Translation by Iran Press Watch
HRANA News Agency – Romina Asgari, an undergraduate student at Azad University, was expelled after 4 semesters because she is a Baha’i, thus depriving her of a higher education.
In the expulsion letter it is mentioned that the reason for her expulsion is because of her “social misbehavior and attempt to disrupt the order and securing of the country”. She had been on a 6-month leave from the university and had not been attending school.
Despite their explicit right granted by Iranian law, according to the Supreme Council of the Iranian Cultural Revolution, Baha’is are prevented from being employed in governmental organizations and banned from university studies.
UN human rights rapporteurs on Iran have repeatedly objected to the antagonism towards Baha’is throughout the existence of the Iranian Revolutionary regime: in particular depriving Baha’i students of their right to education, which is a clear indication of Iran’s neglect of human rights accords.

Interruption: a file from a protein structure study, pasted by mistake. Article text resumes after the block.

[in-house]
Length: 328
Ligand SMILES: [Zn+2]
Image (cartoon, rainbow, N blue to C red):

Baha’is in Iran are denied religious freedoms, even though in accordance with Article 18 of the Universal Declaration of Human Rights and Article 18 of the International Covenant on Civil and Political Rights, to both of which Iran is a signatory, every citizen has the right to freedom of religion, and the right to be converted from any religion in accordance with their personal convictions, as well as the freedom to express this individually or collectively, and publicly or privately.
According to unofficial sources in Iran, there are more than 300,000 Baha’is there, but the Iranian constitution recognizes only the religions of Islam, Christianity, Judaism and Zoroastrianism, and does not recognize the Baha’i Faith; therefore for many years Baha’i rights have been systematically violated in Iran.